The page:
The opinions expressed above are transitory emotional responses and do not necessarily reflect the considered views of the author.

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cliffdweller
Shipmate
# 13338

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quote:
Originally posted by simontoad:
Remember, from Australia's perspective America's health system continues to be a very bad joke under Obamacare. One thought I had the other day: Are all American hospitals private? Or, to ask in another way, Are there hospitals that are fully run and paid for by one or more Govt entities in America? If not, you guys are so screwed.

Indeed.

You'll find all sorts of arrangements-- public, private, for profit, nonprofit, and lots of weird consortiums of the above. Very very messy-- which helps obscure costs and pricing which is part of the strategy. As detailed in Time's brilliant expose A Bitter Pill, even when a hospital is "nonprofit" all that means is there are no investors making $$ of the institution, but there are still all sorts of administrators pulling down multi- million salaries. In fact, according to the expose, in all but a very few cities in the US the highest paid person in town is the CEO of the local hospital. These same hospitals will engage in fancy fund-raisers that really are an exercise in PR-- the big money is, in fact, in providing essential, life-saving services as greatly inflated prices to involuntary consumers who have no choice but to fork over whatever they ask. Frequently including, pre-ACA and probably post ACHA, their homes (medical bankruptcy being the leading cause of foreclosure before 2014).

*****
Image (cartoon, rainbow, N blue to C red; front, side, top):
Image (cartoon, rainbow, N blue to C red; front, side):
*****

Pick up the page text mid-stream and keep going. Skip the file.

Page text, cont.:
So, yeah, screwed we are.


quote:
Originally posted by simontoad:
Sorry. Shouldn't have put that last bit. I mean, I genuinely believe that America's reliance on the private sector is bad for its social cohesion, but it's not a new thing. I'm applying Australian standards and attitudes to the situation in America and that is wrong, and leads to mistakes. I am hopeful that Americans can work out how to get to a fair and just health system where everyone gets the health care they need regardless of their financial situation from the current situation. I can't see it happening, but that's because of my lack of knowledge, and, admittedly, my prejudice against private sector involvement in things like health care other than to fill in the gaps around a dominant public system.